That certainly does build character. Welcome to Jim, the survivor about whom this entire episode is written. Jim, do you remember anything about your arrest on the mountain?
We skied down Jackson Hole, one of the slopes there, which is a beautiful mountain, but we'd stopped to rest. There was a giant Yeti statue and we took time to do a quick selfie there. I remember skiing away, not feeling that good and that's it. I don't remember anything else. Thankfully, all that work that was being done, I don't remember a thing. It was a blessing for me.
What's the first thing you remember after you woke up?
I woke up pretty far away from Jackson Hole. In Idaho Falls and then Salt Lake City again. I woke up after they finally extubated me eleven days later. The first thing I remember thinking was, “You've had your butt kicked. I don't know exactly what all this is, but I know this is where you're going to prove that you're as tough as you think you are, because this is not going to be easy, but it's going to be worthwhile. You've been given, at that point, a second chance.” I began three so far. “This is going to take a lot of grit and determination. We're going to take an easy, great, wonderful life and you're going to keep it that way by staying focused and counting on the love of friends and family to get you through this.”
Peggy has been such amazing support for all of this. From the first second having her, there is amazing. One thing you mentioned was that when you had cardiac arrest, COVID didn't exist. When you woke up, it was a full-on pandemic. Do you guys want to talk a little about the shock associated with that?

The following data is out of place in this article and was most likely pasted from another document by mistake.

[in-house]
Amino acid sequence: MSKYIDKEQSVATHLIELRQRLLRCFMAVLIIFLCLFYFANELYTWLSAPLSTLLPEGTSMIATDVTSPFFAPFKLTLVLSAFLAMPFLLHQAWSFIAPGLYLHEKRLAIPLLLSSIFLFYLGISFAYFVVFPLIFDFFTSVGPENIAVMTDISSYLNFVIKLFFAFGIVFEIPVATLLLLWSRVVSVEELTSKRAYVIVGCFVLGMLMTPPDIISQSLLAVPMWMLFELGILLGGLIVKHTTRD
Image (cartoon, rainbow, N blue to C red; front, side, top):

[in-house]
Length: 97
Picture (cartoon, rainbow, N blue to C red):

I was going hour to hour and day to day. I was in a bubble. I'm 100% focused on, Jim. I didn't know about this pandemic going on until my friend called and said, “Salt Lake City is going to start closing down. Get some food at the store.” I was like, “What's going on?” Anyway, I ran immediately to the store. There was one loaf of French bread left seriously and some organic peanut butter. I grabbed them both thinking, “I can live on this. That's all I need, peanut butter and bread.” My hotel was threatening to close down and it didn't end up closing down. I had my car packed, ready to go at any time. I was going to sleep in the parking lot at the hospital that it was so unbelievable, all of the different tests I had to go through.
Do you, Peggy, remember when Jim first woke up and when you were finally able to talk to him again?